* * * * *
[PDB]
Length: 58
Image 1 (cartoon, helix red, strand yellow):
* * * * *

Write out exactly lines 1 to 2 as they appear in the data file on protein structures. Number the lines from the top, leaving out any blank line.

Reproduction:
[PDB]
Length: 58